A common question asked of us is, “how much do I need to retire at 60?”
It’s a widely shared goal, because most people at 60 still lead an active life. Many are keen to spend more time with their families, to travel and to have the freedom to do the things they’ve been unable to do due to work commitments.
If this is also a dream you have, you’ll no doubt be wondering, “how much do I need to retire?”, and that’s precisely what we’ll explore in this post.
How much income do I need if I want to retire comfortably at 60?
Retirement income isn’t necessarily limited to your private pension pot. You may have a State Pension, as well as savings and investments and perhaps income from a rental property that you can rely on to fund your retirement.
If your aim is to retire at 60, then the general rule is that you will need around 20-25 times your annual retirement expenses. So for example, if you spend £25,000 per year, then you will need a retirement fund of £500,000 – £625,000.
The key thing is how much you will spend.
How to calculate your expenditure in retirement?
Start by working out your regular household expenses, including your weekly food shop and anything you would normally spend on travel, clothing and leisure pursuits.
Think about whether your expenditure will drop in retirement, for example if you no longer need to commute.
You’ll also need to factor in additional expenses. Many people plan to travel more or take up new hobbies in retirement, perhaps buy a new car.
If you’re uncertain as to how much you might spend, it is useful to apply the 70 per cent rule. This states that the average retiree needs 70 per cent of their normal working income.
Where will your retirement income come from?
Once you have an idea of what you might spend in retirement, it’s time to look at your potential income.
As we’ve already touched upon, this will come from two main sources, those being income, and capital.
Income in retirement is anything that is a regular source of funds. This could include a final salary pension, a State Pension, dividends from any company in which you hold shares, interest from savings and any rental income.
You can obtain an estimate of the income you’ll receive from your State Pension online.
It may be that you have various sources of income that commence at different times. Your State Pension may not begin for example until you are 66 or 67, and any final salary pensions may not start paying out until you are 65. So, if you want to retire at 60, you will need to have another form of income to tide you over until you are eligible for your respective pensions.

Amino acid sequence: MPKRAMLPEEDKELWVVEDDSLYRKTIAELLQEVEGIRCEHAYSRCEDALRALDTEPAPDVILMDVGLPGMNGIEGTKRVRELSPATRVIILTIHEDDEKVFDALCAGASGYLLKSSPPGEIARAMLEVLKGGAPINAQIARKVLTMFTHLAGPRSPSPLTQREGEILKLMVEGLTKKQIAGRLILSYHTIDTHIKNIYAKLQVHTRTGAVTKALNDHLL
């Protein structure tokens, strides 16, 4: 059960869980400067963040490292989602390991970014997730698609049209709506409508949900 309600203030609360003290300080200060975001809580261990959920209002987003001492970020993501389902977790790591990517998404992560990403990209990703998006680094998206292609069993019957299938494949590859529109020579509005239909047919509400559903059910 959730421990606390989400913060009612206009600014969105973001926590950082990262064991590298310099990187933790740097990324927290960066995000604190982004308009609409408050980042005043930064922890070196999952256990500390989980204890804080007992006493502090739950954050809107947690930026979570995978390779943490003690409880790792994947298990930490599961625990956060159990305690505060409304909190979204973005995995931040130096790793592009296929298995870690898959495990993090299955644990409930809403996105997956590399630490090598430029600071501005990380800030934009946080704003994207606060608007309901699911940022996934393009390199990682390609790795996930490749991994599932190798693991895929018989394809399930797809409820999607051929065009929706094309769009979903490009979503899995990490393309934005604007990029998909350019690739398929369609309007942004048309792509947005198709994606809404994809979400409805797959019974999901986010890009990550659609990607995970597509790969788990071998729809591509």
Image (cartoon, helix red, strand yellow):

Capital includes savings, investments and pensions. These are funds from which you can withdraw money as you need it so as to top up your retirement income.
Do proceed with caution, however, when accessing your capital, because if you draw too much, you could run out of money.
If you wish to retire at 60, you will usually be able to withdraw around 4 per cent of your capital each year, but this will vary depending on the source of the capital and prevailing interest rates and returns.
What if you don’t have enough money to retire at 60?
If your calculations have revealed that you won’t have enough to retire at 60, there are various solutions.
You could try to save more each year leading up to your 60th birthday, or spend a little less. You could also try to rearrange your investments to secure a better return. A professional, independent investment management service will help you get more out of your investments.
You could also look into the possibility of taking your final salary pension early, although it is vital to thoroughly consider that there may be disadvantages in doing so. Finally, you could think about pushing your retirement back a few years until you have the funds available for the comfortable retirement you have been anticipating.
How to retire at 60 without running out of money?
There is only one way to guarantee you won’t run out of money in retirement, and that is to purchase an annuity. This will provide you with a guaranteed income for life. However, the income will usually be quite small, unless you have a considerable pension pot.
An alternative is to flexibly drawdown an income from your pension pot. This makes it possible to take as much or as little as you wish, whenever you need it. This method is not without risk, however, as if you withdraw too much, you will run down your pension.
Looking to find out how much you need to retire at 60? Take independent advice from the specialist retirement planners at PMW.
At Partridge Muir & Warren, we have been advising individuals and couples on their retirement options for more than 50 years. Our advice is independent, widely trusted and totally focused on the best interests and personal goals of our clients.